Meetings No 19
Artificial Intelligence
Atti Soenarso: AI is soon an everyday commodity.
Cover Story
Anders Sörman-Nilsson
Gazing into the future of the meetings industry.
Europe is not a market
It is the will to live together.
Swedish Exhibition & Congress Centre
“Our vision is to create Europe’s most attractive venue.”
Padraic Gilligan
Why ROI for meetings and incentives is a waste of time.
Elling Hamso
Why ROI is not a waste of time.
ICC Sydney
An important contributor to innovation.
Radar on penetrating the ­European meetings industry.
HR Technology
The Rise of AI
Rohit Talwar and Alexandra Whittington: On AI and HR.
Sustainable Growth
Scandinavian sustainability initiative expands.
In a Hole
Lending a hand.
Record number of association meetings in 2016.
Best Cities Global Forum
“Unlocking the collective intelligence.”
My 23 Best Tactics for Personal Greatness
Robin Sharma: “Protect your willpower.”
Technology and Meetings
Tech is key in creating purposeful meetings.
IMEX Frankfurt
Packed with opportunities.
Cyber Security
The Anti-Cloud
Jaak Geens and Linas Bukauskas on
Cyber vs. Personal
Roger Kellerman: “Now is the time to improve online security.”
Top Cities for Hotel Openings 2018
Dubai beats the rest of the world.
business Intelligence
EXPO 2020, Dubai:
500,000 new jobs, with more than 2,000 structures being built.
Ekonomisk succé
för SM-veckan i Borås.
Today is the start
first Q Berlin Questions conference.
business intelligence
Korea MICE Bureau
Unveils Best of UNESCO Capital Gyeongju for OWHC Delegates.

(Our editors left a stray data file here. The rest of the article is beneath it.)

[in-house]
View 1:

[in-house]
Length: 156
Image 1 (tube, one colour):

Thomas Engelhart
to leave Scandic Hotels.
Business intelligence
ICC Sydney Celebrates 1,000 Team Member Qualifications
Through TAFE NSW Partnership.
air Transport
More than 7% increase
in Air Travel Compared to Last Year.
football and meetings
The Convention Centre Dublin to host UEFA 2020 draw -
Pan-European media gathering to showcase Dublin as a major event host city
Smartly dressed
in 100 procent Swedish paper.
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Anders Sörman-Nilsson
At some point we have all thought or spoken about what we might wish to do or be ‘in the future’, whether in our personal or professional lives. In doing so most of us will also have cast our thinking nets over a reasonable time span, perhaps into retirement, or the next major career change, or having started a family. Yet, with today’s seemingly turbo-charged advances in technology along with seismic shifts in the world’s demographic plates, any firm ideas we might have of the future and our place in it increasingly appear about as solid as a bubble on quicksand.

For the year 2017 alone the Massachusetts Institute of Technology (MIT) is anticipating major breakthroughs in self-driving delivery trucks, paralysis reversal through brain implants, face-detecting payment systems (already live in China), gene therapy to solve hereditary illness, and computers of a power unimaginable in recent years. This kind of accelerating change has many futurists emphasising the critical need to microscopically scrutinise what is happening today and to harness the power of the winds of change blowing strongly about us. For some of them, such as Anders Sorman-Nilsson, a futurist and innovation strategist at Thinque Inc., it is also important to think from a future point with a rear-view mirror perspective to understand how to grasp the full potential of today to maintain and drive business success.